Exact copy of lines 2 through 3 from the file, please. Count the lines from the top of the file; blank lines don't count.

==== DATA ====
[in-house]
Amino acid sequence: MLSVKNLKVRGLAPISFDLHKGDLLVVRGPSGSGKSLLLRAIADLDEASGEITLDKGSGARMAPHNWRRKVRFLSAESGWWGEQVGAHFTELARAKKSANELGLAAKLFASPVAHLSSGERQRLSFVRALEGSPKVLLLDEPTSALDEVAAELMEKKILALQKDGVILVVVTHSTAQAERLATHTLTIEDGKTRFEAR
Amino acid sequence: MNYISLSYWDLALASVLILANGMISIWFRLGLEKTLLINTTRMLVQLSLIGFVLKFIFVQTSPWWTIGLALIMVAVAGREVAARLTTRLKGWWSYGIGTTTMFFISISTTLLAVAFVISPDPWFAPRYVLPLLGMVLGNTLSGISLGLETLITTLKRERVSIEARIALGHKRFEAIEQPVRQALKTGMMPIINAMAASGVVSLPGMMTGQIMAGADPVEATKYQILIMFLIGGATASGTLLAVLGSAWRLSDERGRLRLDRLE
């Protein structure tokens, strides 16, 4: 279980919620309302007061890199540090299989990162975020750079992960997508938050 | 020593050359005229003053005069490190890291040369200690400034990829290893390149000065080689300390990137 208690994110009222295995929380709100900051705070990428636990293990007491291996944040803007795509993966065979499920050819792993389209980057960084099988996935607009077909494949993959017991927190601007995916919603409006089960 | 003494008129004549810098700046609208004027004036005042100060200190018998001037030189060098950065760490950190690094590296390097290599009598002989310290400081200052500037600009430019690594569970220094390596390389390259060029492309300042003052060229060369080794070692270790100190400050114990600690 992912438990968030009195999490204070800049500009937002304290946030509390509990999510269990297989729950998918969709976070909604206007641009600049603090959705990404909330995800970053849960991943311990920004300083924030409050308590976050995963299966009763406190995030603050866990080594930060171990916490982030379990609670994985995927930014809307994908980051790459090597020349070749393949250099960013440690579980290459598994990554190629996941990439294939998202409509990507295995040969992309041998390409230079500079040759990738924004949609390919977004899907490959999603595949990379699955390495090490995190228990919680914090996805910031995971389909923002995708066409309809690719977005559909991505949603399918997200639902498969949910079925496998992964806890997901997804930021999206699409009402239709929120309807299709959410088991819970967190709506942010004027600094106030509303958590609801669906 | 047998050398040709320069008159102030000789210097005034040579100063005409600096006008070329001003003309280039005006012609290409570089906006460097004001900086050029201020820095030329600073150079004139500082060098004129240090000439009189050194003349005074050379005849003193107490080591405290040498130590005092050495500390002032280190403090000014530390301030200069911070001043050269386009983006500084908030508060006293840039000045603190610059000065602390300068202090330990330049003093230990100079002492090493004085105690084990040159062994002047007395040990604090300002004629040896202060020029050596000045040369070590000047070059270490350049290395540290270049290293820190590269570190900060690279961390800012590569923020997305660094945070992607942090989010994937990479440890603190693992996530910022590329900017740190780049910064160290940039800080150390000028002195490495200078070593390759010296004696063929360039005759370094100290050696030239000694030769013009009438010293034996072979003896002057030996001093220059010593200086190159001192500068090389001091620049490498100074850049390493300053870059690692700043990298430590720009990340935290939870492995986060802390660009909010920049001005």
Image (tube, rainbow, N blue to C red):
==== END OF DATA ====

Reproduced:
Amino acid sequence: MLSVKNLKVRGLAPISFDLHKGDLLVVRGPSGSGKSLLLRAIADLDEASGEITLDKGSGARMAPHNWRRKVRFLSAESGWWGEQVGAHFTELARAKKSANELGLAAKLFASPVAHLSSGERQRLSFVRALEGSPKVLLLDEPTSALDEVAAELMEKKILALQKDGVILVVVTHSTAQAERLATHTLTIEDGKTRFEAR
Amino acid sequence: MNYISLSYWDLALASVLILANGMISIWFRLGLEKTLLINTTRMLVQLSLIGFVLKFIFVQTSPWWTIGLALIMVAVAGREVAARLTTRLKGWWSYGIGTTTMFFISISTTLLAVAFVISPDPWFAPRYVLPLLGMVLGNTLSGISLGLETLITTLKRERVSIEARIALGHKRFEAIEQPVRQALKTGMMPIINAMAASGVVSLPGMMTGQIMAGADPVEATKYQILIMFLIGGATASGTLLAVLGSAWRLSDERGRLRLDRLE